Tuesday, March 15, 2011

Playing With Glass...Part 1

Okay.  This is my first tutorial.  A somewhat permanent record of this project.  I bought a glass etching kit a while back and never used it.  The thought of how caustic that concoction is and my lack of coordination at times made me nervous.  I had to use it because the creative juices were screaming ideas - that and the fact that I could no longer return the darned thing because I'd kept it too long - so I dove in yesterday.

Here is what you need to do this project (I think, since I haven't actually completed it yet!):

Frog Tape (painter's tape found in home improvement stores)
paper towel
paper punch
Armor Etch
Marvy Deco Color permanent inks

Okay. So I came up with the idea to punch out some flower shapes from the tape.  It is time consuming and towards the end, the hole punch got stuck so this idea only works with a hole punch you may not mind losing or was "borrowed" from a scrapbooking buddy you don't see anymore! ; )  I'll see if WD40 helps unstick my hole punch later.

Next, I washed and thoroughly dried the glass with paper towel, and then applied the flower cutouts randomly around the glass.

Put paper towel or newspaper around your work area so that any spilled etching cream won't make you have to stop what you're doing to clean it up.  The window of working with this product is small.

With your gloves on, pour out the etching cream carefully on to the glass and spread evenly (with as few strokes as possible, see explanation below) with the paintbrush.  You should have a nice even coating on the glass.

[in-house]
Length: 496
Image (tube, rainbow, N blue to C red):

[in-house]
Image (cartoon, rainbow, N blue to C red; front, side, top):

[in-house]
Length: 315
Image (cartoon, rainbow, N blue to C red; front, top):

The directions say to leave it on for only a minute, I have heard some crafters say to leave it on for up to 1/2 hour! I had it on for about 5-6 minutes.  This is right before I washed it off.

Be sure that you are not rinsing this out in a wash basin that is plastic.  It should be a stainless steel sink.  Run lukewarm water over it.  If you want (with gloves still on) use some paper towel to rub off the etching cream.  If the punch outs fall off, don't worry about it, you're rinsing off the cream anyway. (I like to run the water for a minute or more longer to make sure none of the cream residue is in the sink and flushed from the pipes.)

Remove any left over punch outs, dry off the glass and clean up your work area.  Here is the glass.

I am not sure how I feel about it right now.  The next step is to add the permanent inks.  The directions did say that if you work with a large area, the imperfections of the glass might show thorough.  They also don't tell you that the brush strokes do affect how the finished product looks, so keep that in mind. Try to use strokes in the same direction and don't go over already touched areas if possible.

I think the negative space shouldn't have been the flowers, the reverse might have looked better.  We'll see how it "cleans up" with the inks.  Off I go.

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